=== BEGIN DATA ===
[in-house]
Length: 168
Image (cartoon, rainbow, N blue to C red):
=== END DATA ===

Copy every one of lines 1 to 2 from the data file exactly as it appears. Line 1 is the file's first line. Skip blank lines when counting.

[in-house]
Length: 168